________________________________________________

Okay, I’ll stop. Some of you may have wondered what happened to me. Let me assure you: I don’t agree with most of what I’ve argued for above. Let me be clear: I was playing devil’s advocate in these five arguments. I believe that Leviticus 18 and 20 still carry lasting relevance for how Christians should view same sex intercourse. What I’ve done above is tried to understand and argue for the other side. The five arguments I summed up are, from what I’ve seen, the five best reasons to dismiss Leviticus 18 and 20. And some of these arguments are actually very good.

So here’s the point. Until you can refute these five points, you should probably not cite Leviticus as armament to condemn homosexual sex. The issue, as you can see, is more complicated than you might think. So far in my study, I have found that the Bible prohibits homosexual sex. But I’ve come to see that there are many good biblical arguments for the other side, and until we can address these arguments, we can’t have an intelligible, biblical conversation with those Christians who sanction same-sex, monogamous intercourse.

In the next post, I’ll argue against myself (!); I’ll show that the five points listed above don’t carry as much weight as they may seem.

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Preston Sprinkle

Preston Sprinkle

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I'm married to a beautiful wife and we have four kids (3 girls and a boy). I've been teaching college level Bible and Theology classes for a few years now (since 2007), and enjoy hanging out with my family, running, surfing, and life in SoCal. Before I became a teacher, I was in school. Lots and lots of school. I did a B.A. and M.Div here in SoCal, and then did a Ph.D. in Scotland in NT studies. Before coming to EBC, I taught at Nottingham University for a semester, and Cedarville University for a couple of years. Along with surfing, I also love to research and write, and I've written a few things on Paul, Early Judaism, and Hell.
  • Preston

    Good catch, Jared! Indeed, both 1 Cor 6 and Rom 1 picks up on Lev 18 and 20. Thanks for weighing in and thinking hard!

  • Preston

    Thanks for your encouragement, Brocole. I’ve never been on the fence on this issue (despite how some of taken my previous posts). I do see it as more complicated than I originally thought, but I haven’t been convinced by arguments from the other side.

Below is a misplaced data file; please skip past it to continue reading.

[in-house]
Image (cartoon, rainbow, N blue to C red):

• MD

    This is fantastic… It is really refreshing to see someone discussing this topic critically. Thank you. I believe you already kind of said this, but this discussion is more between Christians than between Christian and non right? I mean, a discussion in house about the reality of moral law emanating from the nature of God and what he intended and prescribes is very different than the discussion of one individual’s need for God in every part of life, including sexuality. Would you say that the latter is more a conversation about identity, unfulfilled or wrongfully filled desire, and the love of God for the individual rather than a conversation about how sinful the individual is? What are the implications for the spread of the gospel to the homosexual community and how do you approach it?

    • Preston

      Thanks MD! Two things:

      1) Yes, this is a Christian conversation; that is, with those who see some measure of moral authority in the Bible.

      2) Good question…I think. I had a tough time understanding exactly what you are asking, but I’m pretty sure I couldn’t give a good answer yet. I need to do a lot more study (and conversing with people in the LGBT community) before I try to give a solid, Christian answer to the larger question of sexuality and identity.

  • Michael Snow

    “…ever wear a poly-cotton blend, you sinner?), these laws against male-male sex belong in the same category. ”